Ultimately, the Administrator is responsible for implementing a solution that solves the users pain, is scalable, follows best practices and is efficient. The only solution then is to learn how to overcome end user solutioning. Here’s how to do it.

Ask for Context. Get to the “why.”

In the example above, I asked a simple question that provided me the reasoning and justification behind the request. With this information, I was quickly and easily able to present a more effective solution.

Don’t be afraid to ask “why.” Administrators sometimes feel that asking questions will put them into a bad spot with their peers or management but this is not the case. And for those who feel they need to explain why they are asking questions, preface your conversation with a brief explanation on why.

If you haven’t already, you need to listen to this podcast on ButtonClick Admin which dedicates the entire show to this simple concept. I have listened to this podcast several times and even bookmarked it for future reference.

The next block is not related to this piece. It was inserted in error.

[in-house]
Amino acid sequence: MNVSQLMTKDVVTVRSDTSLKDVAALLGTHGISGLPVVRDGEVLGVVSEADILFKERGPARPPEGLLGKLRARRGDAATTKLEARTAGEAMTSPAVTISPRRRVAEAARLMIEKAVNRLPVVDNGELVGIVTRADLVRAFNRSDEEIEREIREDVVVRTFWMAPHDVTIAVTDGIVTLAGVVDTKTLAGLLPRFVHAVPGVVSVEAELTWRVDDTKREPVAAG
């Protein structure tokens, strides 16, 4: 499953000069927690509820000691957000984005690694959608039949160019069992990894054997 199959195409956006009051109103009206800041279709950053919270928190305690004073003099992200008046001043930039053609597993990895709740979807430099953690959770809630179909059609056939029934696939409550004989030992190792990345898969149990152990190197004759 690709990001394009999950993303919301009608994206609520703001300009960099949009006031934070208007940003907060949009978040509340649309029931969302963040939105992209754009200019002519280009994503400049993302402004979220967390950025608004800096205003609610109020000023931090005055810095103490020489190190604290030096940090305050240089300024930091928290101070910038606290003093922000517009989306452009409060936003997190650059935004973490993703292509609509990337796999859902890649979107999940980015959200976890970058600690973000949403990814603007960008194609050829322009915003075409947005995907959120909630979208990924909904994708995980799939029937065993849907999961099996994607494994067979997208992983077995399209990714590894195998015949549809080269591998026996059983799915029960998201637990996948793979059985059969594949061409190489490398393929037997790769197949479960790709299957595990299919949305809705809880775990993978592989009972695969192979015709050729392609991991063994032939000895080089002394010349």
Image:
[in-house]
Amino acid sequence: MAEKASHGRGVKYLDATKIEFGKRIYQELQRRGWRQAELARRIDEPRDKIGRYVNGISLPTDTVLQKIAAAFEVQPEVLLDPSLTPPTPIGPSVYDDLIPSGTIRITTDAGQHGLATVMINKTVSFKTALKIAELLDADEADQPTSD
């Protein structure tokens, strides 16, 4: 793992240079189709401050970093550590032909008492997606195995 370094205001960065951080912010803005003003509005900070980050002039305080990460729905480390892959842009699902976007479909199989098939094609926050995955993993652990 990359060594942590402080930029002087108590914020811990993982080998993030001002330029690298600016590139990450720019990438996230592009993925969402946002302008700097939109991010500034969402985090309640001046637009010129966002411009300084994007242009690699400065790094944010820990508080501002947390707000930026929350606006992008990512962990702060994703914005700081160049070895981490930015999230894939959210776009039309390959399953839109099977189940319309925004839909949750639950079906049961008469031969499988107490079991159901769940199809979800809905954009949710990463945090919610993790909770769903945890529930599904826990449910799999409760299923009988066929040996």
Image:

Obtain Detailed Requirements

Don’t make assumptions. Ask the user for detailed requirements. Get them to be specific. This may require additional questioning but the more information gleaned during this initial conversation will reduce the number of follow-up conversations needed and the solution will be complete. I’ve seen Administrators make assumptions on requirements and it doesn’t usually end well. I personally have made assumptions on requirements and provided a solution that didn’t work.

Obtain detailed requirements.


Develop a Working Model

Once you have a good understanding of the problem and know the requirements, build out the solution in a demo environment like a sandbox or developer org and present the solution.

With the example above, this was done easily by logging into the sandbox environment and making some changes to a record and showing how Chatter would meet all of the requirements.

Ask for Feedback

Demo the working model and ask for additional feedback. Obtaining user input is a great way to make the user feel like they have contributed and that their voice has been heard.

Working With Executives

Over the course of the past few jobs, I have worked through a legitimate fear of executive staff. Whenever I had a meeting with someone from the executive team, I would sweat through my shirt with anxiety. I felt like I had to please these individuals and provide them with whatever their hearts desired.